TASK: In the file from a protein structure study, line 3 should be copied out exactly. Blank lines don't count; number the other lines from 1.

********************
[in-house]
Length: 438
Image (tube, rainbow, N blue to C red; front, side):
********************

Image (tube, rainbow, N blue to C red; front, side):